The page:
References Burin, M. 28 March 2012 ‘A symbol of home, history and horror: former residents rally to protect orphanage site’, ABC Ballarat, hPp://www.abc.net.au/local/stories/ 2012/03/28/3465527.htm, accessed 8 September 2015. NaConal Inquiry into the SeparaCon of Aboriginal and Torres Strait Islander Children from their Families (Australia) 1997 Bringing them home: Na6onal Inquiry into the Separa6on of Aboriginal and Torres Strait Islander Children from Their Families Human Rights and Equal Opportunity Commission, Sydney. Australia. Parliament. Senate. Community Aﬀairs References CommiPee 2004 Forgo9en Australians: A Report on Australians who experienced ins6tu6onal or out-‐of-‐home care as children, Commonwealth of Australia, Canberra Frankland, Richard (Director) 2010 Among Us: A Story of the Stolen Genera6on of Victoria, Golden Seahorse ProducCons and ConnecCng Home, Collingwood (ISBN 978-‐0-‐9870885-‐0-‐5) HCLD Pty Ltd 2008 ‘ConservaCon Management Plan for B1, B3, B6, F1, F2, F3’, Kew Co9ages Conserva6on Management Plan, for the Kew Development CorporaCon Pty Ltd, Melbourne. Johnston, C 1994 What is Social Value: A Discussion Paper, AGPS, Canberra. Kew CoPages History Project: hPp://www.kewcoPageshistory.com.au/ Lennon, J 2002 ‘ The Broad Arrow Cafe, Port Arthur, Tasmania: Using social values methodology to resolve the commemoraCon issues’, Historic Environment, vol. 16, no. 3, pp. 38-‐46 Lovell Chen 2011 ‘Former Ballarat Orphanage, 200 Victoria Street, Ballarat East’, prepared for Victoria Street Developments Pty Ltd, Melbourne. Lovell Chen 2013 ‘Kew CoPages InterpretaCon Strategy’, prepared for Walker CorporaCon (on behalf of the Department of Human Services), Melbourne. O’Connor, A. 11 March 1998 ‘A Model of Future Living’, The Age, accessed via hPp:// willsmere.org/node/10 10 September 2015 Reeves, K. and Nichols, D. 2009 ‘No less than a palace: Kew Asylum, its planned surrounds, and its present-‐day residents’, in William L. and Keir R. (eds), Places of Pain and Shame: Dealing with ‘Diﬃcult Heritage’, Routledge, Oxford, pp. 247-‐262. Victorian Heritage Database: hPp://vhd.heritagecouncil.vic.gov.au/ 18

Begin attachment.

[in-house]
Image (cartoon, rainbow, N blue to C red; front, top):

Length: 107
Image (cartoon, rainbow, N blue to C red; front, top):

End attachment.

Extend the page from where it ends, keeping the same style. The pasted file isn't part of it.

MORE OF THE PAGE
Walker, M. 1998 Protec6ng the Social Value of Public Places: An Illustrated Guide, Australian Council of NaConal Trusts, ACT.
by Kate Gray